Fern Maddie review – tender and powerful performance of ballads old and new

‘This place is magical,” says Fern Maddie. She’s explaining that she just randomly met an audience member, who was about 50 and went to the same “weird hippy college” as her in her home state of Vermont. Maddie only recently took a break from living in the woods and tending goats there to play her first tour – only to bump into someone with mutual friends more than 3,000 miles away.

You suspect the occasion was ordained by the folk musician’s acclaimed 2022 album Ghost Story, which she self-released, but found widespread acclaim beyond Vermont. Touring in support of the record, Maddie plays a mix of old and new songs, and opens with a run of traditionals: Cumberland Gap and Don’t You Go a Rushing. Beginning on guitar, her playing is understated, but as she switches to banjo it becomes more expressive and detailed, striking a deft balance between technical proficiency and eloquent fluidity. Her voice has the ability to soar but is contained and never bombastic; it occasionally recalls the delivery of Joanna Newsom, but with less of a sharp edge. Most often, it sounds tender and powerful at once. Despite a profound love of traditional ballads, Maddie’s own compositions, such as Northlands and the stirring Dorothy May, are often the most arresting.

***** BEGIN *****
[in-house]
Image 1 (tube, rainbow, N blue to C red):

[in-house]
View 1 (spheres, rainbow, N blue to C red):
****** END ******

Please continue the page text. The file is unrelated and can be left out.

Related: Fern Maddie: Ghost Story review – an unnerving, arresting folk debut

That being said, some of the songs from Ghost Story lack the texture and depth found on the record when performed live. This spareness, though, shifts the focus to nuances of Maddie’s voice. By stripping things to the bare bones, there is an amplified emotional intensity in the room. The intimate environment – a cosy cafe in residential Sheffield with a log burner – makes the show feel like a living room performance, with every string plucked and word sung heightened in intensity.

No more so than on the final track, Ca’ the Yowes, a traditional song that, on her album, Maddie tweaked and mutated, incorporating drum machines and idiosyncratic time signatures. Here, she simply sings it a cappella: it’s a truly beautiful delivery that leaves the room in such a state of silence that the only other thing audible is the final embers of fire slowly burning out.